Agriculture & Turf sales increased for the quarter and full year of 2019 due to price realization and higher shipment volumes, partially offset by the unfavorable effects of currency translation. Operating profit decreased for the quarter and year. The quarter’s decline was primarily due to higher production costs, higher selling, administrative, and general expenses, the unfavorable effects of currency exchange and increased research and development expenses. For the year, operating profit decreased largely due to higher productions costs, the unfavorable effects of currency exchange, increased research and development costs, higher selling, administrative, and general expenses, and a less-favorable sales mix, partially offset by higher shipment volumes. Both periods were positively affected by price realization.
Construction & Forestry
Construction & Forestry sales were higher for the quarter and year primarily due to higher shipment volumes and price realization, partially offset by the unfavorable effects of currency translation. The inclusion of Wirtgen’s sales for two additional months in 2019 accounted for about 4 percent of the year’s net sales increase. Wirtgen’s operating profit was $67 million for the quarter and $343 million for the full year, compared with $79 million and $116 million for the corresponding periods of 2018. Excluding Wirtgen, the decline in Construction & Forestry results for the quarter was primarily due to higher production costs, increased selling, administrative, and general expenses, and a less-favorable sales mix, partially offset by higher shipment volumes and price realization. Full-year 2019 results, excluding Wirtgen, moved higher as a result of price realization and higher shipment volumes, partially offset by higher production costs and a less-favorable sales mix.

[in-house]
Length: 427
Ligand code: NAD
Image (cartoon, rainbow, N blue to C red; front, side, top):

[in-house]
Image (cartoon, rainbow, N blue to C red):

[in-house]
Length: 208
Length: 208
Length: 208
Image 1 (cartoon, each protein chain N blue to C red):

Market Conditions & Outlook
Agriculture & Turf. Deere’s worldwide sales of agriculture and turf equipment are forecast to decline 5-10% for fiscal-year 2020, including a negative currency-translation effect of 1%. Industry sales of agricultural equipment in the U.S. and Canada are forecast to be down about 5%, driven by lower demand for large equipment. Full-year industry sales in the EU28 member nations are forecast to be approximately flat as are South American industry sales of tractors and combines. Asian sales are forecast to be about the same as the prior year. Industry sales of turf and utility equipment in the U.S. and Canada are expected to be about flat.
Construction & Forestry. Deere’s worldwide sales of construction and forestry equipment are anticipated to be down 10-15% for 2020, with foreign-currency rates having an unfavorable translation effect of 1%. The outlook reflects slowing construction activity as well as the company’s efforts to manage dealer inventory levels. In forestry, global industry sales are expected to be in line with the previous year.
Financial Services. Fiscal-year 2020 net income attributable to Deere & Company for the financial services operations is expected to benefit from lower losses on lease residual values as well as income earned on a higher average portfolio. These items are forecast to be partially offset by a higher provision for credit losses, less-favorable financing spreads, and higher selling and administrative expenses.